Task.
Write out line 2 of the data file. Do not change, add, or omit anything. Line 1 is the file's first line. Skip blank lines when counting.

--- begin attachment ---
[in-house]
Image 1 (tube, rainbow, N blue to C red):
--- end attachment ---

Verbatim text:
Image 1 (tube, rainbow, N blue to C red):